"Congress is always upset at deferrals," said one staff member. "When we pass a budget, that's what we mean to have spent. And this deferral is not based on programmatic considerations ... but on fiscal-policy considerations. To that extent, it is the Administration saying, 'We don't like your increase.' It is very much a policy dispute."
The nsf's total budget request for fiscal 1986 is $1.57 billion, or 4.4 percent above the fiscal 1985 level of $1.50 billion. That figure includes a 7-percent increase--to $1.40 billion--for research and related activities, and an 8-percent increase--to $120 million--for the U.S. Antarctic Program.
Creating an Agenda
The nsf's special focus on middle- and elementary-school children is part of a larger effort by Mr. Shakhashiri to engage in long-range planning for the science-education program and to create more systematic criteria for the kinds of proposals that the foundation would welcome.
In the past, the foundation pri3marily has responded to individual proposals instead of developing a specific programmatic area in which to grant funds. Mr. Shakhashiri said the foundation is not attempting to diminish its focus on the high school or to exclude unsolicited proposals.
"We still welcome those," he said. "In fact, we invite those. But we're trying to provide some coherence, some identity to the various programs."
Capitalize on Curiosity
According to the nsf, recent studies have emphasized the need for more attention to curriculum in the middle and early grades.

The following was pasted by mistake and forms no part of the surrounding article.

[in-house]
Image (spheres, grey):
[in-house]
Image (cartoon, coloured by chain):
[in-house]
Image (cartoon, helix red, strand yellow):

Patricia E. Nicely, a senior staff associate with the directorate, noted that while young children have great natural curiosity about the world around them, many elementary-school teachers are not well trained in science and are not comfortable answering their students' questions. In particular, she said, teachers are inexperienced at engaging students in "hands-on" science and mathematics experiments.
Most states, she noted, do not require more than one college-level science course for a prospective elementary-school teacher.
For fiscal 1986, the foundation plans to spend $22.7 million for materials and development research, $25 million for teacher enhancement and informal science education, and $2 million for studies and program assessments that emphasize work on national statistical indicators, data bases, and models for use in precollege science and mathematics planning.
Up to half the funds in the first two categories will be spent on projects for middle- and elementary-school students and teachers. The foundation also plans to focus on improving opportunities for women, minorities, and physically handicapped teachers.
Because the foundation has limited money compared to the total budget spent on science education at the federal, state, and local levels, it plans to emphasize model programs that can be replicated by others, Ms. Nicely said.
The directorate is also considering the development of science and mathematics "labs" or "institutes," similar to those sponsored by the National Institute of Education. "We are still considering that," said Ms. Nicely, "some kind of national institutes and regional centers for teacher training. But we're not going to do the full-blown activities as we had thought of them in terms of initiatives, because of the budget constraints."
Mr. Shakhashiri said the laboratory idea really represents the directorate's interest in establishing networks of scientists and educators to revitalize the teaching of science at all levels. But he added that the development of such networks takes time.
He is also particularly interested in maximizing the benefits of private-sector involvement in science.